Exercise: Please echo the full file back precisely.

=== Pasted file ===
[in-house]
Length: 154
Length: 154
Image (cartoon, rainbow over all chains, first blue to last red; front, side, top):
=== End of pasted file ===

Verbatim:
[in-house]
Length: 154
Length: 154
Image (cartoon, rainbow over all chains, first blue to last red; front, side, top):